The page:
“The corporate-policy network is highly centralized, at both the level of individuals and that of organizations. Its inner circle is a tightly interwoven ensemble of politically active business leaders…” — Academics William K. Carroll and Jean Philippe Sapinski
In an article titled “The Global Corporate Elite” in the journal International Sociology, William K. Carroll and Jean Philippe Sapinski examined the relationship between the corporate elite and the emergence of a “transnational policy-planning network,” beginning with its formation in the decades following World War II and speeding up in the 1970s with the creation of “global policy groups” and think tanks such as the World Economic Forum, in 1971, and the Trilateral Commission, in 1973, among many others.
The function of such institutions was to help mobilize and integrate the corporate elite beyond national borders, constructing a politically “organized minority.” These policy-planning organizations came to exist as “venues for discussion, strategic planning, discourse production and consensus formation on specific issues,” as well as “places where responses to crises of legitimacy are crafted,” such as managing economic, political, or environmental crises where elite interests might be threatened. These groups also often acted as “advocates for specific projects of integration, often on a regional basis.” Perhaps most importantly, the organizations “provide bridges connecting business elites to political actors (heads of states, politicians, high-ranking public servants) and elites and organic intellectuals in other fields (international organizations, military, media, academia).”
One important industry association, according to researchers Carroll and Carson in the journal Global Networks (Vol. 3, No. 1, 2003), is the International Chamber of Commerce. Launched by investment bankers in 1919, immediately following WWI, the Paris-based Chamber groups roughly 7,000 member corporations together across 130 countries, adhering to largely conservative, “free market” ideology. The “primary function” of the ICC, write Carroll and Carson, “is to institutionalize an international business perspective by providing a forum where capitalists and related professionals… can assemble and forge a common international policy framework.”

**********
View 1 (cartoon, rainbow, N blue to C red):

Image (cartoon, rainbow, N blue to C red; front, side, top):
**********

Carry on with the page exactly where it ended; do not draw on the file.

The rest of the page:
Another policy group with outsized global influence is the Bilderberg group, founded between 1952 and 1954, which provided “a context for more comprehensive international capitalist coordination and planning.” Bringing together roughly 130 elites from Western Europe and North America at annual closed meetings, “Bilderberg conferences have furnished a confidential platform for corporate, political, intellectual, military and even trade-union elites from the North Atlantic heartland to reach mutual understanding.”
As Valerie Aubourg examined in an article for the journal Intelligence and National Security (Vol. 18, No. 2, 2003), the Bilderberg meetings were organized largely at the initiative of a handful of European elites, with heavy financial backing from select American institutions including the Rockefeller Foundation, the Ford Foundation and the CIA. The meetings incorporate leadership from the most prominent national think tanks, such as the Council on Foreign Relations, Brookings Institution, Carnegie Endowment and others from across the North Atlantic ‘community.’
Hugh Wilford, writing in the journal Diplomacy & Statecraft (Vol. 14, No. 3, 2003), identified major philanthropic foundations such as the Rockefeller, Ford, and Carnegie foundations as not only major sources of funding but also providers for much of the leadership of the Bilderberg meetings, which saw the participation of major industrial and financial firms in line with those foundations (David Rockefeller of Chase Manhattan is a good example). Bilderberg was a major force in helping to create the political, economic and strategic consensus behind constructing a common European market.
With the support of these major foundations and their leadership, the Bilderberg meetings became a powerful global tool of the elites, not only in creating the European Union but in designing the process of globalization itself. Will Hutton, a former Bilderberg member, once referred to the group as “the high priests of globalization,” and a former Bilderberg steering committee member, Denis Healey, once noted: “To say we were striving for a one-world government is exaggerated, but not wholly unfair…we felt that a single community throughout the world would be a good thing.”
This article originally appeared on: AlterNet